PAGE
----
Two Poems – Gale Acuff

Kibosh

Miss Hooker, I love you, I say in my
sleep and meanwhile I’m holding her close but
it’s only the pillow, soft and mushy
like she is, or like I like to think she
is, mushy that is, like a marshmallow
and she won’t hold me back nor engulf me,
that’s a word I learned in regular school,
not Sunday School where she’s my teacher and
I love her as much as do God but
if I tell her so she’ll holler at me
Thou blasphemer, and I wouldn’t blame her,
I like it when she hollers at me, say
 
when I screw up the Lord’s Prayer like I
did this morning when she called on me to
recite it--I flubbed how it goes halfway
to the end and my classmates giggled but
she put the kibosh on that, so maybe
she loves me anyway, I mean real love
between husbands and wives, forget I’m 10
to her 25, love will find a way,
that’s what God’s for and not so much Nature
but anyway when I grow up I’ll come
back to Sunday School and say hello and
maybe propose and if she turns me down
I’ll ask and ask until she caves in, knock
and it shall be opened. Just by kissing.

Potatoes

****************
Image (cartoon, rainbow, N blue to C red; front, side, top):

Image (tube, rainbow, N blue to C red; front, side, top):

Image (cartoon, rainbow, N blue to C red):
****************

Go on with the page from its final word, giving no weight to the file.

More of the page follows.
It was potatoes saved, us, they kept us alive.

Richard Wilbur, “Potato”
God will take care of me so I don’t have
to do nothing--anything I mean--to
make my way in the world and because He
made me He’s even more responsible
than I am for what I am and will be
or at least I think so now, ten years old
to His eternity, but just wait ‘til
I’m dead, I might change my mind then, I might
wake up dead and greet God (or Jesus or
the Holy Ghost, or all Three) by saying
how happy I was to have been kicking
and suffering and dying young is small
potatoes to never having been born
at all and that way when God judges me
He’s bound to forgive me and keep me there
in Heaven forever, no Hell for me,
and if He does like I think He’ll do then
I’ll take Him by surprise like He took me
when I was born, even nine months before,
and say, I appreciate this Heaven
but I’d rather burn in Hell and burn and
burn than go on for a phony lifetime
just another angel in Paradise.
Well, that’s bound to tick Him off and put
me down in the Bad Place where I belong but
maybe it will be worth it, maybe God
will think again about what He did when
in the beginning He saw that things were
good. They were good, just not great. I’ll be great.

Gale Acuff has had hundreds of poems published in several countries and is the author of three books of poetry. He has taught university English in the US, China, and Palestine, where he teaches at Arab American University.